And they say that sometimes bad things have to happen before good things can.
After a 2008 car accident, and a subsequent series of harrowing, irreversible hardships and health strains, New South Wales artist Andrea Boltresz began pursuing a full-time visual arts career, centered around an unchangeable gratitude towards life. This shift in profession followed an all-encompassing one that included costume design and heritage consulting.
Largely self-taught, she was initially stimulated by the works of neighbouring artists Carlos Barios and Ben Quilty. So as not to impersonate their creativity, though profoundly inspired by their approach, Andrea began, and continues, to work solo, now out of her home in the Southern Highlands. Distancing herself from her counterparts has ultimately allowed her to cultivate her respective voice and vision to the greatest possible extent.
Inspired by the natural backdrop and surrounding landscapes, Andrea and her husband often drive in their car for long periods of time. Andrea utilises this period to mentally absorb the moving pictures, until they are an unalterable extension of herself.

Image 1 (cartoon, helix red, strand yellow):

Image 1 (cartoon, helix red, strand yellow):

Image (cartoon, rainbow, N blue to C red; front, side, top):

Upon return, she begins to sketch the scapes from her photographic memory, allowing herself no more than 7-10 minutes per piece. Working speedily ensures her recall remains sharp and forces greater technical advancement. With the inability to erase or rewind her ink, or modify her memory, her ultimate aim is to provide the spectator with a perspective that is distinctively fresh, a concept she’s been primarily focused on for the previous 2 years.
With the limitless nature of social media now upon us, Andrea prefers to “exhibit” her work on Instagram, where she has the on-going opportunity to reach out to thousands of viewers.
Though having previously exhibited in both solo and group form, she feels that physical exhibits are largely intended for the display of grand works and to ultimately shine a spotlight over the artist personally. She finds that displaying her work online frequently ensures the attention is received by the art, rather than herself.
Stimulated by life and the art of living after trauma, Andrea’s work moves to remind us that often in art, like in life, there are no do-overs.
Andrea’s Instagram account, @zoozoostudio, can be viewed.